How intruder alarms can now better protect retailers
At the end of June, an update to the British Standard Code of Practice was published, covering the design, installation and configuration of intruder and hold-up alarm systems designed to generate confirmed alarm conditions. Richard Jenkins, chief executive of certification body the National Security Inspectorate (NSI) says these changes are far reaching and will open up the choice available to large and small retailers alike in protecting their premises.
Against a backdrop of annual retail robbery amounting to £25 million, according to the British Retail Consortium’s 2021 survey, Jenkins believes the latest measures to improve protection of retail premises, of all types and sizes, should assist in reducing out-of-hours thefts and other losses from incidents such as break-ins.
“Since the resumption of non-essential retail trading across the United Kingdom in April marked the easing of pandemic lockdown life, attention has refocused on measures enabling shop owners and managers to stem bottom line losses which directly impact trading margins,” he says.
Sites secured by monitored security alarms play a central role in safeguarding retail premises and enable immediate police response to verified alarm activations. For insurance purposes, monitored alarm systems typically are required to be installed and maintained by competent providers operating to recognised industry standards accepted by the Police.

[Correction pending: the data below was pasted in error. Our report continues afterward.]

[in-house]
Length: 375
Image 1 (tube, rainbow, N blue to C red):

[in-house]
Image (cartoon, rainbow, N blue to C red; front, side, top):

The new standards, published in BS 8243:2021, introduced a number of key technical and operational changes. At their heart is an increased capability for catching criminals using new technologies based around visual alarm confirmation before a confirmed incident is passed to the police for response.
“There are clear benefits here, in terms of reduced crime-related losses and consequently lower exposure to insurance claims,” says Jenkins. Prior to June, the Police required additional or secondary confirmation means to be used before verified alarms were passed to them for response. Since June, all has changed.
Improvements in operational capability, effectiveness and reliability of audio and video confirmation technology enable operators at alarm receiving centres to rely on it as a primary means of verifying a detected alarm as genuine.
“The pioneering use in Spain of audio and visual confirmation significantly reduced false intruder alarms there – meaning police resources were far more effectively deployed – and also prompted the greater use of visual verification within the newly revised BS 8243 here in the UK,” Jenkins tells.
“It’s hoped the Spanish experience will be followed by more widely adopted use of visual verification of alarms across the UK. NSI, along with other security industry organisations, is liaising with the NPCC, which wants to encourage this.”
To leverage the opportunity, he advises retailers to engage third-party-approved security system providers – as recognised by the Police and the insurance industry – to review the suitability of visual verification in safeguarding premises.
The revised BS 8243: 2021 Code of Practice will become mandatory for NSI’s NACOSS Gold and Systems Silver approved companies from 30th June 2022, to allow for a smooth transition. “However,” he adds, “many are already assessing adapting their offer to retailers keen to stay on the cutting edge in deterring crime, and bringing perpetrators to account.”
This was first published in Retail Destination Fortnightly. Click here to subscribe.